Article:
Rio Clemente has played jazz piano on concert stages, in clubs and restaurants, in churches, even in supermarkets. But his venue for a recent performance tops them all: the East Room of the White House.
On Dec. 22, Clemente sat down at the historic 1938 Steinway piano in the East Room and played for two hours for an audience of visitors who had come to the White House for a holiday tour.
“I played mostly Christmas music, secular as well as Christmas carols,” said Clemente, a Morristown native who now lives in Randolph. “The people were very receptive that I played for. I got a standing (ovation) when I was finished.”
Clemente, a member of the Coast Guard Auxiliary, was in uniform for the performance.
“There were some military people there,” he said. “I went into all my patriotic medleys and ended with ‘America the Beautiful’ and ‘God Bless America.’
“I felt that I represented all Americans,” he said.
It was the dream of a lifetime, but one that took 10 years to come true. In 2001, U.S. Rep. Rodney Frelinghuysen, who represents Morris County, arranged for Clemente to give a White House performance, but after the Sept. 11 terrorist attacks, the invite fell through.
Ten years went by. This year Clemente performed on Veterans Day at The Inn at Bowman’s Hill in New Hope, Pa. A friend, Amy Otey, was at the performance. She read about Clemente’s aborted White House invitation and had an idea.
Otey is a Grammy-nominated musician who performs for children with the band Miss Amy and Her Big Kids Band. In 2010, she and her band had played to 30,000 people at the annual Easter egg roll on the South Lawn of the White House. She knew what to do.
“I just made a couple calls and reached out to folks,” Otey said.
She soon got a call back from the White House office that arranges for visiting musicians and was told, “Actually we have a booking available to do part of the holiday tour.”
“I didn’t even ask him. I said, ‘Of course he’ll take it,’” Otey said.
Clemente traveled to D.C. with a friend the night before the performance. He got to the White House about 9 a.m., a half-hour before he was due.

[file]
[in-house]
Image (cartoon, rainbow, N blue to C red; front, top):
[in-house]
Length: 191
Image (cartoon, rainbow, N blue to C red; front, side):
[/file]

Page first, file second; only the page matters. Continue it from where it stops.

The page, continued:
“I got there early enough to do the tour,” he said. “It was unbelievable walking through those halls and thinking of the history of the men and women that served there. This was the epitome of patriotism.”
The piano was a famous one that had been donated when Franklin D. Roosevelt was president. There are photos of piano-playing presidents Harry Truman and Richard Nixon using it.
“The piano was 10 feet long,” Clemente said. “It was beautiful. The sound was great.”
Not only that: “It was made in 1938. I was born in ’38. Seventy-two years and here I am,” he said.
“It was such an honor to play in the White House,” Clemente said. “It’s hard to explain the feeling that I had. First of all, I thought about my mother and father being immigrants, and here’s their son playing in the White House. Second was for all the veterans. I was in my Coast Guard Auxiliary uniform. It was a very, very proud moment.”
The two-hour performance seemed to go by much faster than that.
“It was over in a nanosecond,” Clemente said, a little wistfully. “The journey, the getting there, and you get to the peak. I don’t think I can top it.”
He drove home through a rainstorm.
“I couldn’t even see through the windshield, but it was sun shining in my car,” he said.
Otey was gratified to see the result of her efforts.
“He’s worked really, really hard,” she said. “He certainly deserves the spotlight on this one. All I did was make a connection based on some stuff that I had known.”
Since then, after posting pictures on his blog and on Facebook, he’s heard from lots of friends and well-wishers. He even got congratulations from the Coast Guard Auxiliary, which plans to feature the performance in its magazine Over the Bow.
“You just never know in this business what’s going to happen and when it’s going happen,” he said.